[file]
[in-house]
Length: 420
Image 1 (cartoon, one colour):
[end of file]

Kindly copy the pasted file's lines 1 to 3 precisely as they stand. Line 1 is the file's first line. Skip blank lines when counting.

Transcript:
[in-house]
Length: 420
Image 1 (cartoon, one colour):